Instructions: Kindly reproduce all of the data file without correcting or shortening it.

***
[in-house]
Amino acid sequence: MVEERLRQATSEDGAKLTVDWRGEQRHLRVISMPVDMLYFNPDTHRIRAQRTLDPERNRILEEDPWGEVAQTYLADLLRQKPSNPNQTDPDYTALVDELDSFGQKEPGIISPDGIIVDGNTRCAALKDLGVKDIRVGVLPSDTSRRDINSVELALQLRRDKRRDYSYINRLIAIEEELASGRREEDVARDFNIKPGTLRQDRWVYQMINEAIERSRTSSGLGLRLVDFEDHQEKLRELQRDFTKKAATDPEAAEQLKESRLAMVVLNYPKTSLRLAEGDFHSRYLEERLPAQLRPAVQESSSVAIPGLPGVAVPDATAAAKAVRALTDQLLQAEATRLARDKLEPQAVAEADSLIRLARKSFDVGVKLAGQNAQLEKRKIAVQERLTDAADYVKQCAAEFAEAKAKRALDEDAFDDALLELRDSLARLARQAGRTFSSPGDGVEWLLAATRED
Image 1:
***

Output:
[in-house]
Amino acid sequence: MVEERLRQATSEDGAKLTVDWRGEQRHLRVISMPVDMLYFNPDTHRIRAQRTLDPERNRILEEDPWGEVAQTYLADLLRQKPSNPNQTDPDYTALVDELDSFGQKEPGIISPDGIIVDGNTRCAALKDLGVKDIRVGVLPSDTSRRDINSVELALQLRRDKRRDYSYINRLIAIEEELASGRREEDVARDFNIKPGTLRQDRWVYQMINEAIERSRTSSGLGLRLVDFEDHQEKLRELQRDFTKKAATDPEAAEQLKESRLAMVVLNYPKTSLRLAEGDFHSRYLEERLPAQLRPAVQESSSVAIPGLPGVAVPDATAAAKAVRALTDQLLQAEATRLARDKLEPQAVAEADSLIRLARKSFDVGVKLAGQNAQLEKRKIAVQERLTDAADYVKQCAAEFAEAKAKRALDEDAFDDALLELRDSLARLARQAGRTFSSPGDGVEWLLAATRED
Image 1: